• EPA and CARB uncovered the defeat device software after independent analysis by researchers at West Virginia University, working with the International Council on Clean Transportation, a nongovernmental organization, raised questions about emissions levels, and the agencies began further investigations into the issue. In September, after EPA and CARB demanded an explanation for the identified emission problems, Volkswagen admitted that the cars contained "defeat devices."

Here's the initial response from Volkswagen's former CEO Martin Winterkorn. Here's the gist:

• I personally am deeply sorry that we have broken the trust of our customers and the public.

• We do not and will not tolerate violations of any kind of our internal rules or of the law.

• The trust of our customers and the public is and continues to be our most important asset.

4. How did the VW "defeat device" work?

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A "sophisticated software algorithm on certain Volkswagen vehicles detects when the car is undergoing official emissions testing, and turns full emissions controls on only during the test," according to the EPA.

"The effectiveness of these vehicles' pollution emissions control devices is greatly reduced during all normal driving situations. This results in cars that meet emissions standards in the laboratory or testing station, but during normal operation, emit nitrogen oxides, or NOx, at up to 40 times the standard. The software produced by Volkswagen is a 'defeat device,' as defined by the Clean Air Act," the agency further said.

It's unclear why VW did this. One theory is so that it could make its diesel engines more cheaply than competitors; another is that these engines, not hampered by the engineering that being a true, clean-burning diesel would require, performed better for drivers. 

5. Is my VW recalled?

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While a date for when U.S. recalls will begin is not known, the company will start recalling affected vehicles in Europe in January 2016.

"If all goes to plan, we can start the recall in January," Müller told a German newspaper in October, according to Reuters, though he did not say when recalls for U.S. cars would begin. That said, "All the cars should be fixed by the end of 2016," Müller reportedly said in the latest development as the embattled German car manufacturer reels from the scandal.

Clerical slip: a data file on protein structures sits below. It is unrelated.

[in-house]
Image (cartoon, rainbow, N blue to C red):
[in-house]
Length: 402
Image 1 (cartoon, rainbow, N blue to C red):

"In many instances a software update will be sufficient," according to a press release recapping Müller's statement to employees . "Some vehicles, however, will also require hardware modifications. We will keep our customers constantly informed about the measures and arrange workshop appointments."

That said, the EPA estimates approximately 482,000 cars in the U.S. were affected. Here are the VW diesel models affected:

  • Jetta (2009-2015)
  • Jetta Sportwagen (2009-2014)
  • Beetle (2012-2015)
  • Beetle Convertible (2012-2015)
  • Audi A3 (2010-2015)
  • Golf (2010-2015)
  • Golf Sportwagen (2015)
  • Passat (2012-2015)

6. Why did the CEO of Volkswagen resign?

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Volkswagen CEO Martin Winterkorn, who initially apologized but intended to stay on as the company's chief executive, reversed course announcing his resignation shortly after the scandal erupted. In his statement, he said he accepted "responsibility for the irregularities that have been found in diesel engines and have therefore requested the Supervisory Board to agree on terminating my function as CEO of the Volkswagen Group. I am doing this in the interests of the company even though I am not aware of any wrong doing on my part."

7. What did Winterkorn know?

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It is unclear how much Winterkorn, who has been CEO as Volkswagen since 2007, may or may not have known.

Winterkorn said he was "shocked at the events of the past few days," in his resignation statement on Wednesday. "Above all, I am stunned that misconduct on such a scale was possible in the Volkswagen Group," he said.

"While he denies any knowledge of the diesel deception, internal investigations are underway to find those responsible for installing the software cheat," according to Fortune.

8. How much did Martin Winterkorn make?

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Bloomberg pegged his 2014 annual compensation, which includes salary, bonus and long-term incentives, at $18.8 million.

9. How much is the Volkswagen CEO getting to step down?

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Reports say that Winterkorn has amassed a $32 million pension fund and could get millions more in severance, depending on how the company's supervisory board "classifies" the exit, Bloomberg said.

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10. Is Volkswagen's new CEO involved in the scandal too? 

Matthias Müller, 62, was named the company's next CEO, replacing Martin Winterkorn, who resigned in September after the company admitted to deliberately cheating on U.S. emissions tests. He is also the chairman of the car maker's Porsche division and will continue in both roles until a successor has been found, Volkswagen.

The latest EPA violations now calls into question how much Volkswagen's new CEO Matthias Müller, who has been the head of the Porsche brand since 2010, knew about the devices.

Some analysts are wondering if an insider was the right persion to replace Winterkorn. 

"The allegations are all the more serious given that VW's new CEO Matthias Müller came from Porsche and any hint of further deception could well see his position come under scrutiny," Michael Hewson, chief market analyst at CMC Markets, told The Wall Street Journal.